Profiles of Religiosity and Their Association With Risk Behavior Among Emerging Adults in the United States

Christopher P. Salas-Wright, Michael G. Vaughn, Brandy R. Maynard

Research output: Contribution to journalArticle

8 Citations (Scopus)

Abstract

There exists significant variation in religious expression, and a growing body of research suggests the importance of examining this variation among emerging adults vis-à-vis involvement in antisocial and high-risk behaviors. Drawing from the National Survey on Drug Use and Health (NSDUH; N = 19,312) and the National Epidemiologic Survey on Alcohol and Related Conditions (NESARC; N = 2,721), latent profile analysis and multinomial regression are employed to examine the relationships between latent religiosity classes, antisocial behavior, substance use, and substance use disorders. Results revealed four-class solutions for both the NSDUH and NESARC samples. Emerging adults classified as “publicly and privately devoted” were substantially less likely to be involved in a broad array of risk behaviors and to meet criteria for substance use disorders. Findings suggest the protective effect of religiosity finds its most powerful expression primarily among the minority of emerging adults most profoundly committed to religious life.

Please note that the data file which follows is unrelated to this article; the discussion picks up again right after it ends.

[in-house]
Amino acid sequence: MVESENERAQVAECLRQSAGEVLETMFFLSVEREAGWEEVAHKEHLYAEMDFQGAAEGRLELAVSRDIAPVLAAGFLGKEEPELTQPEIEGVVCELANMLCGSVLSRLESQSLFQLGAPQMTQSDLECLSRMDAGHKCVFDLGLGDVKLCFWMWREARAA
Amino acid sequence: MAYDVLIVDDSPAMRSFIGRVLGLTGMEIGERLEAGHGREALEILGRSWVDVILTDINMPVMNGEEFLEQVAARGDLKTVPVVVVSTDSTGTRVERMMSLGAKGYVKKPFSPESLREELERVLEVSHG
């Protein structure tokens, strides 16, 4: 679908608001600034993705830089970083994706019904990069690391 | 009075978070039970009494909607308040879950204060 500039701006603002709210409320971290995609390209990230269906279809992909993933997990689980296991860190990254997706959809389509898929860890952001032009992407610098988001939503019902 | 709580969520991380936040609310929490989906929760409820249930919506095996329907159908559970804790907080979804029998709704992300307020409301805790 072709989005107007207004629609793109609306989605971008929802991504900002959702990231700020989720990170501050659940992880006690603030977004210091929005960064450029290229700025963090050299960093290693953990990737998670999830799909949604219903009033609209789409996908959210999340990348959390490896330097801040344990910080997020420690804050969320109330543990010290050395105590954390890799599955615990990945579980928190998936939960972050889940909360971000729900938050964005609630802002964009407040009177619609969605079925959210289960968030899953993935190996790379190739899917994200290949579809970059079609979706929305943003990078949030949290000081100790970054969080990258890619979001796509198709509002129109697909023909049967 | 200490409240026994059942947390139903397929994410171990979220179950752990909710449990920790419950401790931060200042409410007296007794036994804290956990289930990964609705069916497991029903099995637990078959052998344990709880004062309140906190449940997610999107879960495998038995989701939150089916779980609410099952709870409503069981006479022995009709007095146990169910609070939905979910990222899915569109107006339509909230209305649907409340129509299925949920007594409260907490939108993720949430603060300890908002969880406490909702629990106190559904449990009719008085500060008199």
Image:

Original languageEnglish
Pages (from-to)67-84
Number of pages18
JournalEmerging Adulthood
Volume3
Issue number2
DOIs
Publication statusPublished - 2015 Apr 16

All Science Journal Classification (ASJC) codes

  • Experimental and Cognitive Psychology
  • Developmental and Educational Psychology
  • Life-span and Life-course Studies

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